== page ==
Is bisphenol A, a major ingredient in many plastics, healthy for children and other living things?

Scientific American; February 19, 2008
http://www.scientificamerican.com/article.cfm?id=plastic-not-fantastic-with-bisphenol-a

Eilam-Stock T, Serrano P, Frankfurt M, Luine V.
Bisphenol-A impairs memory and reduces dendritic spine density in adult male rats.
Behav Neurosci. 2011 Oct 17.

Patricia A. Enneking
Phthalates Not in Plastic Food Packaging
Environ Health Perspect. 2006 February; 114(2): A89–A90.

Hansen C, Tsirigotaki A, Bak SA, Pergantis SA, Stürup S, Gammelgaard B, Hansen HR.
Elevated antimony concentrations in commercial juices.
J Environ Monit. 2010 Apr;12(4):822-4.

Kate Kelland
Scientists link plastics chemical to health risks
Exposure to a chemical found in plastic containers is linked to heart disease, scientists said on Wednesday, confirming earlier findings and adding to pressure to ban its use in bottles and food packaging.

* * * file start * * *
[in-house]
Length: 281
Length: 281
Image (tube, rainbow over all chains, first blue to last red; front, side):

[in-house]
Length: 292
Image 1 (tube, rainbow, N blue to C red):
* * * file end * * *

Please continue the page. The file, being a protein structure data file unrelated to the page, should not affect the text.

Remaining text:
(Reuters) – Wed Jan 13, 2010
http://www.reuters.com/article/2010/01/13/us-heart-chemical-plastics-s-idUSTRE60C0AR20100113

Kolšek K, Mavri J, Sollner Dolenc M.
Reactivity of bisphenol A-3,4-quinone with DNA. A quantum chemical study.
Toxicol In Vitro. 2012 Feb;26(1):102-6. Epub 2011 Nov 20.

SAKAMOTO HIROMI, MATSUZAKA AYAKO, ITO RIMIKO, TOYAMA YUKO
Quantitative Analysis of Styrene Dimer and Trimers Migrated from Disposable Lunch Boxes.
Journal of the Food Hygienic Society of Japan. VOL.41;NO.3;PAGE.200-205(2000)

Schmid P, Kohler M, Meierhofer R, Luzi S, Wegelin M.
Does the reuse of PET bottles during solar water disinfection pose a health risk due to the migration of plasticisers and other chemicals into the water?
Water Res. 2008 Dec;42(20):5054-60.

Shotyk W, Krachler M, Chen B.
Contamination of Canadian and European bottled waters with antimony from PET containers.
J Environ Monit. 2006 Feb;8(2):288-92.

Vasami R
Polyethylene Terephthalate and Endocrine Disruptors.
Environ Health Perspect. 2010; 118:A196-A197.

*These statements have not been evaluated by the FDA.
These products are not intended to treat, diagnose, cure, or prevent any disease.